Book Review: Girl in a Green Gown
Carola Hicks, Girl in a Green Gown: The History and Mystery of the Arnolfini Portrait. Vintage, London, 2012 (Pbk)
The title of the book, Girl in a Green Gown, refers to the female figure in the famous Arnolfini portrait of a man and a woman. In this book, Carola Hicks investigates a wide variety of aspects relating to the portrait. It was painted by Jan van Eyck in 1434, as this is stated in an inscription on the picture: “Johannes van Eyck fuit hic” and the year. Van Eyck was court painter of Philip ‘the Good’, Duke of Burgundy. It is remarkable that the history of this painting can be traced through the centuries and its various owners from when it was painted until it ended up in London’s National Gallery in 1842.
In alternating chapters, Carola Hicks describes various aspects of the painting and its owners through time. As she explains, the Arnolfinis “are showing off the signs of success – expensive clothes and other status symbols” [p.3]. These are investigated in detail, there are chapters about the clothes they wear, the bed, other furniture, the fabrics etc, comparing them to what is depicted in other paintings of the period.
In the chapters in between, we learn about its various owners, from medieval Bruges to Habsburg Spain, through the Napoleanic Wars and Victorian London. For someone interested in Richard III and his time, the chapter on Don Diego de Guevara is of special interest. Don Diego was a Spaniard, son of Don Ladron de Guevara, who had been in the employ of Margaret, dowager duchess of Burgundy – she was the widow of Charles ‘the Bold’ – and sister of Edward IV and Richard III. Don Ladron had two sons, Diego and Pedro. Pedro was involved in the Yorkist “Perkin Warbeck” attempt to win back the throne in the 1490s. Diego was a colourful personality, who worked for Philip I of Castile. Philip was the son of Maximilian I and Marie, the daughter of Charles of Burgundy – and Margaret’s step-daughter. Marie and Maximilian also had a daughter, Marguerite, probably named after her step-grandmother.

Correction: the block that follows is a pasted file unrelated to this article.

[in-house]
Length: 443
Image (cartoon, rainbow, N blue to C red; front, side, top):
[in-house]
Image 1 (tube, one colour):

The painting has fascinated viewers since it was painted and this fascination continues today. Various modern interpretations and transformations are described in the final chapter.
Girl in a Green Gown offers a fascinating insight into the life-style of upper middle-classs people in the first half of the 15th century, while parts of its history read like an adventure story. It is a highly enjoyable read and can be highly recommended to anyone interested in history and art.
After reading and enjoying the book, I was very glad that I recently had a chance to see the Girl in a Green Gown and her husband ‘face to face’ in the National Gallery in London.
Unfortunately, Carola Hicks passed away before finishing Girl in a Green Gown. You might like to read her obituary in the Guardian, http://www.theguardian.com/artanddesign/2010/jul/27/carola-hicks-obituary